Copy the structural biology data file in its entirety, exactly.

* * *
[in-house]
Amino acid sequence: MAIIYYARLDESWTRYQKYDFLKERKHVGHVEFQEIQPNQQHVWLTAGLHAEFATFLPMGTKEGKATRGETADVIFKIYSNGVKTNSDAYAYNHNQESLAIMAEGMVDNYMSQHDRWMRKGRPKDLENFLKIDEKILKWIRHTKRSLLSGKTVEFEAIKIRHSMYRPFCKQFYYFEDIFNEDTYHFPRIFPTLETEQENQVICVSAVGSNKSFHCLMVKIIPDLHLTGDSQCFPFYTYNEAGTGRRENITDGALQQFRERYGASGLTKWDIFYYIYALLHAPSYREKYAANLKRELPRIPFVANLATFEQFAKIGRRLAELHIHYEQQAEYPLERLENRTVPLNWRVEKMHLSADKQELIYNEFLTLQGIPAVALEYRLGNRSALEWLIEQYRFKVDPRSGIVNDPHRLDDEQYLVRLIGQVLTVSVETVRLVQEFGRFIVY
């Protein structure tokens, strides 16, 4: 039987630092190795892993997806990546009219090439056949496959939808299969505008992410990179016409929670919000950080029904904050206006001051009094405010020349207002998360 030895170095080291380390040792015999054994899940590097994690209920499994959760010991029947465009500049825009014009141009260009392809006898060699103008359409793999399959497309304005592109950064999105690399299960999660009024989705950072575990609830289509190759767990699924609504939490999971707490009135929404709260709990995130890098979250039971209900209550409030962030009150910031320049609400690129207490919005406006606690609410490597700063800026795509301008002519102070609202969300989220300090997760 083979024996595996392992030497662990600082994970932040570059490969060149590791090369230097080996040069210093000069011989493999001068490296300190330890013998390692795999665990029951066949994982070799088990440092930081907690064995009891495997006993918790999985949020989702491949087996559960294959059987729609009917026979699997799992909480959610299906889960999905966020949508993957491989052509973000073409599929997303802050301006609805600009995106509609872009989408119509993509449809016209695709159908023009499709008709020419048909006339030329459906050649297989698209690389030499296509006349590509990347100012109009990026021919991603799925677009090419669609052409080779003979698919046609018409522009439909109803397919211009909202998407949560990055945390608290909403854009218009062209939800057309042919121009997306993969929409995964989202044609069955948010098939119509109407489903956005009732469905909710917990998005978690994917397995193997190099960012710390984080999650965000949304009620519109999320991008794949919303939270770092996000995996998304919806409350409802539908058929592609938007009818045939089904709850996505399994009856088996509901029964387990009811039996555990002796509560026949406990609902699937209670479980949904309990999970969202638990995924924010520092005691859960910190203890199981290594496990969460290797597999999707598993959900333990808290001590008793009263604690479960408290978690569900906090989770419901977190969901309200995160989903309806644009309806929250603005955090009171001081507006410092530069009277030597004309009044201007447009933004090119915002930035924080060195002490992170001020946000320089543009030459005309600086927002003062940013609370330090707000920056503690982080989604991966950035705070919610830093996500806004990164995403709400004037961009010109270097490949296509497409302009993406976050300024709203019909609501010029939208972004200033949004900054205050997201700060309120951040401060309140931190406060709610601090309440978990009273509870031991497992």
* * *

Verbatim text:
[in-house]
Amino acid sequence: MAIIYYARLDESWTRYQKYDFLKERKHVGHVEFQEIQPNQQHVWLTAGLHAEFATFLPMGTKEGKATRGETADVIFKIYSNGVKTNSDAYAYNHNQESLAIMAEGMVDNYMSQHDRWMRKGRPKDLENFLKIDEKILKWIRHTKRSLLSGKTVEFEAIKIRHSMYRPFCKQFYYFEDIFNEDTYHFPRIFPTLETEQENQVICVSAVGSNKSFHCLMVKIIPDLHLTGDSQCFPFYTYNEAGTGRRENITDGALQQFRERYGASGLTKWDIFYYIYALLHAPSYREKYAANLKRELPRIPFVANLATFEQFAKIGRRLAELHIHYEQQAEYPLERLENRTVPLNWRVEKMHLSADKQELIYNEFLTLQGIPAVALEYRLGNRSALEWLIEQYRFKVDPRSGIVNDPHRLDDEQYLVRLIGQVLTVSVETVRLVQEFGRFIVY
């Protein structure tokens, strides 16, 4: 039987630092190795892993997806990546009219090439056949496959939808299969505008992410990179016409929670919000950080029904904050206006001051009094405010020349207002998360 030895170095080291380390040792015999054994899940590097994690209920499994959760010991029947465009500049825009014009141009260009392809006898060699103008359409793999399959497309304005592109950064999105690399299960999660009024989705950072575990609830289509190759767990699924609504939490999971707490009135929404709260709990995130890098979250039971209900209550409030962030009150910031320049609400690129207490919005406006606690609410490597700063800026795509301008002519102070609202969300989220300090997760 083979024996595996392992030497662990600082994970932040570059490969060149590791090369230097080996040069210093000069011989493999001068490296300190330890013998390692795999665990029951066949994982070799088990440092930081907690064995009891495997006993918790999985949020989702491949087996559960294959059987729609009917026979699997799992909480959610299906889960999905966020949508993957491989052509973000073409599929997303802050301006609805600009995106509609872009989408119509993509449809016209695709159908023009499709008709020419048909006339030329459906050649297989698209690389030499296509006349590509990347100012109009990026021919991603799925677009090419669609052409080779003979698919046609018409522009439909109803397919211009909202998407949560990055945390608290909403854009218009062209939800057309042919121009997306993969929409995964989202044609069955948010098939119509109407489903956005009732469905909710917990998005978690994917397995193997190099960012710390984080999650965000949304009620519109999320991008794949919303939270770092996000995996998304919806409350409802539908058929592609938007009818045939089904709850996505399994009856088996509901029964387990009811039996555990002796509560026949406990609902699937209670479980949904309990999970969202638990995924924010520092005691859960910190203890199981290594496990969460290797597999999707598993959900333990808290001590008793009263604690479960408290978690569900906090989770419901977190969901309200995160989903309806644009309806929250603005955090009171001081507006410092530069009277030597004309009044201007447009933004090119915002930035924080060195002490992170001020946000320089543009030459005309600086927002003062940013609370330090707000920056503690982080989604991966950035705070919610830093996500806004990164995403709400004037961009010109270097490949296509497409302009993406976050300024709203019909609501010029939208972004200033949004900054205050997201700060309120951040401060309140931190406060709610601090309440978990009273509870031991497992």